Volvo Cars, the premium car maker, is strengthening its executive management team with the appointment of new Senior Vice Presidents for the Americas region and for Europe, the Middle East and Africa (EMEA).
Effective September 15, Lex Kerssemakers will be responsible for the EMEA region. Mr Kerssemakers was previously Senior Vice President for Volvo Americas and President and CEO of Volvo Cars USA.
Since his appointment to Head of Americas region in 2015, Mr Kerssemakers has overseen a turnaround in the US, with sales up by 46.8 per cent. Awareness of the Volvo brand has trebled under his stewardship and Volvo is now the fifth most searched for auto brand in the US.
“Lex brings more than 30 years of experience to Volvo Cars’ largest sales region at a time when the auto industry is undergoing significant changes,” said Hakan Samuelsson, President and Chief Executive of Volvo Cars.
Mr Kerssemakers will be replaced in the Americas by Anders Gustafsson, who was Head of EMEA.
Mr Gustafsson has been Senior Vice President of EMEA since March 2015, when he joined the executive management team after four years as the head of the Swedish national sales company.
During his time as Senior Vice President, he has overseen a sales growth of 13.5 per cent in Sweden and Western Europe, and achieved two consecutive years of record sales for the EMEA region.
“Anders inherits the Americas position at a crucial time. He brings three decades of experience in the auto industry, along with the energy and drive needed to further develop Volvo’s ongoing turnaround in the US,” said Mr Samuelsson.
Volvo has underscored its commitment to the US with the announcement that it is to build a new manufacturing plant in South Carolina, creating thousands of new jobs. The plant will start production in mid-2018.
“Lex and Anders will continue to deliver on the strategies we are currently putting in place in both Europe and the Americas,” added Mr Samuelsson.
It is also announced today that as well as heading up EMEA, Mr Kerssemakers will also be responsible for coordinating the development of Volvo Cars’ commercial operations. This new role reflects the pace of the company’s growth as well as its broadening range of business interests.
Other members of Volvo Cars’ executive management team also have similar coordinating responsibilities. Björn Annwall, Senior Vice President Strategy, Brand and Retail, is also responsible for coordinating vehicle line management, product strategy and consumer and enterprise digital, while Henrik Green, Senior Vice President Research and Development, is also responsible for coordinating purchasing and quality.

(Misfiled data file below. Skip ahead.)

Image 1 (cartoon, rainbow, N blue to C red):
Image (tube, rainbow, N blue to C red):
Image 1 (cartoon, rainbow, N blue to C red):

“Volvo is growing fast,” said Mr Samuelsson. “On top of its normal operations, it is also involved in software development with Zenuity, performance cars with Polestar, owns a stake in LYNK & CO, and is adapting to the opportunities of autonomous driving, electrification and connectivity. This management structure makes sure that this growth and change is properly coordinated.”
Volvo Car Group in 2016
For the 2016 financial year, Volvo Car Group recorded an operating profit of 11,014 MSEK (6,620 MSEK in 2015). Revenue over the period amounted to 180,672 MSEK (164,043 MSEK). For the full year 2016, global sales reached a record 534,332 cars, an increase of 6.2 per cent versus 2015. The record sales and operating profit cleared the way for Volvo Car Group to continue investing in its global transformation plan.
About Volvo Car Group
Volvo has been in operation since 1927. Today, Volvo Cars is one of the most well-known and respected car brands in the world, with sales of 534,332 cars in 2016 in about 100 countries. Volvo Cars has been under the ownership of the Zhejiang Geely Holding (Geely Holding) of China since 2010. It formed part of the Swedish Volvo Group until 1999, when the company was bought by Ford Motor Company of the US. In 2010, Volvo Cars was acquired by Geely Holding.
As of December 2016, Volvo Cars had more than 31,000 employees worldwide. Volvo Cars’ head office, product development, marketing and administration functions are mainly located in Gothenburg, Sweden. Volvo Cars’ head office for China is located in Shanghai. The company’s main car production plants are located in Gothenburg (Sweden), Ghent (Belgium), Chengdu and Daqing (China), while engines are manufactured in Skövde (Sweden) and Zhangjiakou (China), and body components in Olofström (Sweden).